Source | Forbes : By Liz Ryan
I worked my way up from the reception desk in a digital agency. I worked there for four and a half years. When I left last June I was a Senior Account Manager.
I hated to leave on the one hand because I loved my co-workers and I loved my clients. On the other hand I had no choice but to leave because my boss was a complete jerk and a sexual harasser. He was always hitting on me and my co-workers and I got sick of it.
I moved to a larger agency and it’s a great job too. I have bigger clients and I have more responsibility.
My only problem is that my ex-boss “Lou” is saying terrible things about me to my ex-colleagues, my old clients and the entire business community.
He’s not even being subtle about it. At least four different people have told me about it. I haven’t had any contact with Lou since I stopping working for him.
I have no idea why he’s waging a campaign against me now. It seems like Lou is trying to ruin my reputation and I’m very stressed about it.
What can I do?
We get the message “You are more powerful than you think!” in ways that are not always pleasant. Lou’s campaign to slime you is the surest sign you could hope for that you rattled him by leaving.
Imagine another agency stealing you away! Who do you think you are, Fiona? Now Lou will show you that you ticked off the wrong guy!
Lou knows how he treated you. Now that you are out of Lou’s corral he may be trying to silence anything you might otherwise tell people about him — by pre-emptively saying terrible things about you behind your back.
I am not a lawyer, of course — I am an HR opera singer — but it’s hard to imagine that your best course of action is a legal one. You could talk to a lawyer to get their opinion but in my experience situations like these are best ignored.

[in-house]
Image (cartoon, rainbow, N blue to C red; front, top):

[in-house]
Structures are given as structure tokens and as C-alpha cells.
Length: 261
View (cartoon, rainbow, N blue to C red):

The more you react and run around town trying to set the record straight, the more you dignify Lou’s childish scheme to hurt your reputation.
The truth is that people know you — lots of people apart from Lou. It is not that easy to ruin someone’s reputation, not without a big budget anyway. People know you, and they also know Lou. People know what kinds of values he holds.
For starters, who would respect anyone who said awful things about a former colleague? If someone said to me “That Fiona who quit my company is a horrible person” I’d say “Then why did you keep her around and also promote her several times?”
You are rising in altitude and Lou can tell. You will outstrip him career-wise if you have not done so already. Let Lou slide back into the swamp he crawled out of. Consider the source of Lou’s slurs and ignore them. They, like Lou himself, are beneath your notice now.